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Photo Essay: Scenes from Larimer Street

Larimer Square is one of Denver's most iconic places.

Historic buildings line Larimer Square.

The Market at Larimer Square.

Star Bar near 22nd and Larimer.

Biker Jim's Gourmet Dogs began as a hot dog cart on the 16th Street Mall before opening on Larimer.

Ignite! restaurant.

Larimer Lounge and its next-door neighbor.

Our Mutual Friend Brewing Company.

Upper Larimer is a gallery of street art.

The Sacred Heart Catholic Church is the oldest continuously used Denver church.

The Empire Theatre has been vacant for years.

Raquelita's tortilla bakery is nearly anonymous.

Crema Coffee House.

Grafitti and loud murals adorn much of Larimer Street in RiNo.

Yours Truly Cupcake shop.

Finn's Manor.

A random piece of art hangs from a fence.

Outdoor dining area at The Populist.

Infinite Monkey Theorem Urban Winery.

Phil's Place.

Larimer Street is named for Denver founder General William Larimer who staked a claim to what's now LoDo in 1858.

Confluence Denver Managing Photographer Kara Pearson Gwinn captures images of Larimer Street, a microcosm of the ever-shifting city.
Beat legend Neal Cassady's dad was one of the unwashed souls on Larimer Street back when it was Denver's Skid Row. If you were down and out, Larimer offered a friendly spot to sit on the sidewalk in those day.

Times have changed. You can sit on the sidewalk, but it's more likely to be on a contemporary wrought iron chair on a restaurant's patio than the concrete itself.

Named for Denver founder General William Larimer who staked a claim to what's now LoDo in 1858, it's the best known street on the city's downtown grid. It starts on the Auraria campus, makes a subtle jog to the north at Cherry Creek, and runs from Larimer Square between 14th and 15th streets to its endpoint at 36th and Downing streets, a little more than two miles in all.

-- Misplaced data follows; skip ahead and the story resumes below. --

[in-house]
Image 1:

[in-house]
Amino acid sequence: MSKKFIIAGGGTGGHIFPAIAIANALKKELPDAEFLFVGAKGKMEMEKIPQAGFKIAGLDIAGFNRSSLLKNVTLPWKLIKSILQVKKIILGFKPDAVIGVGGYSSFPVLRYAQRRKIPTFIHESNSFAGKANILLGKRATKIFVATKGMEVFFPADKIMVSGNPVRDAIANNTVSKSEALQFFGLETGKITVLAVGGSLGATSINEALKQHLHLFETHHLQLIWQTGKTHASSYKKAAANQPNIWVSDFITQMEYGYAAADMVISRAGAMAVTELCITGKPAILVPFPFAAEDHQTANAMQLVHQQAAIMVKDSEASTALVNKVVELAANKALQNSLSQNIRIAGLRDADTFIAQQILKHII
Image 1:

Once the grittiest street in the city, now it's the beating heart of Denver's revitalized downtown.  Larimer Square's preservation in the 1960s was akin to lighting a smoldering fuse that slowly worked its way northeast. Revitalization crossed Broadway into Five Points and RiNo in recent years, after catalyzing an impressive row of restaurants just to the southwest in Ballpark in the early 2000s.

As coffee shops and craft breweries take over old industrial spots, there are still hints of the old working-class Larimer -- the nearly anonymous Raquelita's tortilla factory at 31st Street, the 1879 Sacred Heart Church (the oldest that's still in use in the city), liquor stores, a few old pawn shops and markets.

But Skid Row has been supplanted by eateries, doggie daycare places, production companies and creative studios. The dive bars have become music venues and hipster hangouts. In the more industrial reaches, there's Our Mutual Friend Brewing Company and The Infinite Monkey Theorem Urban Winery as manufacturing goes craft.

Larimer was Denver's Broadway before Broadway went anywhere, but, as the years passed, it's become something else. If Broadway is the city's spine and Colfax its libido, Larimer might just be Denver's ever-changing soul.

Photos by Kara Pearson Gwinn.
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